AbstractThis project aims to develop standards to predict vermillion border shape and appearance-i.e. the outline of the vermillion border and the fullness of lips, based on assessment of an individual dental pattern using a combination of three methods: morphological, cephalometric and GMM. This study tests a hypothesis that the skeletal and dental pattern in antero-posterior and vertical dimensions and the upper and the lower incisor inclinations can predict the morphology of the soft tissue of the lips. This hypothesis was examined by analysing retrospective facial data, which consists of two-dimensional, pre-orthodontic treatment photographs and cephalograms of individuals of four malocclusion classes: Class I, Class II: divisions 1 and 2, and Class III from two sample populations: 56 Scottish and 56 Jordanians, aged 11-14 years. All the Scottish participants had been recipients of treatment at the Dental Hospital at the University of Dundee, and the Jordanian sample were selected from the Orthodontic archive held by Jordan University Hospital.
The results reveal that a cephalogram analysis offers a statistically significant correlation differing from one type of malocclusion to another, in addition, analysis of cephalograms showing the value of angles and linear dimensions differed from one type of malocclusion to another. Photographic analysis using GMM afforded a statistically reliable correlation between naso-labial traits, and particularly between the vermillion border outline and malocclusion patterns. Due to their shared ancestry (Caucasian), both Jordanian and Scottish populations showed the same morphological trends for the lips, for example: long lower facial height, a deep philtrum, V-shaped Cupid’s bow, thin upper vermillion border. GMM results suggest that vermillion border variation could be computed, at least when distinguishing between malocclusion classes from the same ethnic group. Morphological, GMM, and cephalograms analyses confirmed that the shape and diversity in the Vermillion XIV border outline differed between malocclusion classes, but few or no differences could be shown between the sexes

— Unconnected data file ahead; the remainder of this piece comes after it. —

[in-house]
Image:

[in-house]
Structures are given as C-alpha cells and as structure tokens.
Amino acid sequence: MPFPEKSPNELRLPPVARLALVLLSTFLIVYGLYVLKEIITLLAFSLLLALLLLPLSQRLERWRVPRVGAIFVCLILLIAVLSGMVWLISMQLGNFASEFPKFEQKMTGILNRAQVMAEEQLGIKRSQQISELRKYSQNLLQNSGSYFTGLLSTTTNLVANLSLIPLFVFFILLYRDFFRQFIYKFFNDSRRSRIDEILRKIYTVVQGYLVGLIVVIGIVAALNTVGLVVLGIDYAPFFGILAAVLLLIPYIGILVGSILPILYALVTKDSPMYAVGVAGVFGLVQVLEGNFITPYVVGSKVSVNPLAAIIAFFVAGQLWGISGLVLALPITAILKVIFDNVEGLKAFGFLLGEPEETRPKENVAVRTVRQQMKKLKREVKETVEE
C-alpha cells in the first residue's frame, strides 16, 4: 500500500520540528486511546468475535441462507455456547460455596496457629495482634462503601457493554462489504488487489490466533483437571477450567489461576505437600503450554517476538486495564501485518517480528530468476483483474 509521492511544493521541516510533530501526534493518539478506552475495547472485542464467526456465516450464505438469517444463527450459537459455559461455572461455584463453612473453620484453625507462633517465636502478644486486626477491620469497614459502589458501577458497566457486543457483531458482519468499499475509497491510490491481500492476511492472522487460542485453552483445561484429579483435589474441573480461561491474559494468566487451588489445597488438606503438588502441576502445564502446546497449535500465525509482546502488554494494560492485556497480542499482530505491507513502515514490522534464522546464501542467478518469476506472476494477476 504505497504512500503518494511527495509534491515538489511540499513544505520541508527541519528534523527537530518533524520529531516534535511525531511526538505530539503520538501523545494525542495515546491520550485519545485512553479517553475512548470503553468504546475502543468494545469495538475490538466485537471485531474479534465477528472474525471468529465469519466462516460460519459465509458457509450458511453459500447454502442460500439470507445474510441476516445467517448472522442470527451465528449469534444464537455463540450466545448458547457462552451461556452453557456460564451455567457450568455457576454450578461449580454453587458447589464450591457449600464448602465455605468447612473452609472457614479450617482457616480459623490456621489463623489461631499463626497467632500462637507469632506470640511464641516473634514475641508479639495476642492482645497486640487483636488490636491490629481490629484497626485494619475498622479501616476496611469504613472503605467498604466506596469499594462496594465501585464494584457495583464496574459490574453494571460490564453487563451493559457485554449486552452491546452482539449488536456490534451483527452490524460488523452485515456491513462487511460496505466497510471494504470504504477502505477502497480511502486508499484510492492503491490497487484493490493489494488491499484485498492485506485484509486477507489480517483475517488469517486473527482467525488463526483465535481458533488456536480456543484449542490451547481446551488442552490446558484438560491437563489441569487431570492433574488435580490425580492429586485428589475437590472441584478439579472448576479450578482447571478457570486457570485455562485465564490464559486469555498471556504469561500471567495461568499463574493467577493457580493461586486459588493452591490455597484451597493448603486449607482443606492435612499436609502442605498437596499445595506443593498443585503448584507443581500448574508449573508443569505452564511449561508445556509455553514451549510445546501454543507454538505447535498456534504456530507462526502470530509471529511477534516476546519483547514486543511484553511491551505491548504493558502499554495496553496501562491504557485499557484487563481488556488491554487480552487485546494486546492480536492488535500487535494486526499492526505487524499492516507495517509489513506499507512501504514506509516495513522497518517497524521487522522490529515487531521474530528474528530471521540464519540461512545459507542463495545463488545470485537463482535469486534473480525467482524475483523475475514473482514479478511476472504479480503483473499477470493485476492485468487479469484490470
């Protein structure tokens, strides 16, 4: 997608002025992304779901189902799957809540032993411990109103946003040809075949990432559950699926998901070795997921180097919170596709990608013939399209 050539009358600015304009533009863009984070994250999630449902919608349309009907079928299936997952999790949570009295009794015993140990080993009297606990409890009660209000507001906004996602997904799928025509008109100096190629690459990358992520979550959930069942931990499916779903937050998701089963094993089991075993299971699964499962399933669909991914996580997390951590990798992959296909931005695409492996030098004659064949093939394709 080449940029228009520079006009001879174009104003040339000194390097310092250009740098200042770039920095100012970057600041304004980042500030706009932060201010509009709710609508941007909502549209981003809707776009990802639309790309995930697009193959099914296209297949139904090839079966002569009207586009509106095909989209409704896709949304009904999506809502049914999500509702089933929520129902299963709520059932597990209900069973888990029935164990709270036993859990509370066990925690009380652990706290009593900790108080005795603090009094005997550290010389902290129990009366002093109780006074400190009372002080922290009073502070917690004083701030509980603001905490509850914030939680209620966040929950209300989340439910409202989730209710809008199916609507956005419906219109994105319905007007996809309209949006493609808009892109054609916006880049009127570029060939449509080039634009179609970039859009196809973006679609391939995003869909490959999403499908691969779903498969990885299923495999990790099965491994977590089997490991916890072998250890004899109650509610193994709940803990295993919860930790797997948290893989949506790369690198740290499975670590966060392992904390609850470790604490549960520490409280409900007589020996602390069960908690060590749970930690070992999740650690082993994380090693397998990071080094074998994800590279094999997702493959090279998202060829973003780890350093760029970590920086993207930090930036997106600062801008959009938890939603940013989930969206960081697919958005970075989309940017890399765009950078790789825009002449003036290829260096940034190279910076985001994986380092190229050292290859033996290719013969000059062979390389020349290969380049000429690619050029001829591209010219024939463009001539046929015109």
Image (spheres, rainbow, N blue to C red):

|Date of Award||2016|
|Supervisor||Peter Mossey (Supervisor) & Caroline Wilkinson (Supervisor)|
- Forensic reconstruction
- Dental pattern
- Lips shape